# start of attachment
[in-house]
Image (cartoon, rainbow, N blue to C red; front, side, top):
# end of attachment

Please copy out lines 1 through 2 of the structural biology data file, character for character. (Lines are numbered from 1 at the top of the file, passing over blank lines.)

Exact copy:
[in-house]
Image (cartoon, rainbow, N blue to C red; front, side, top):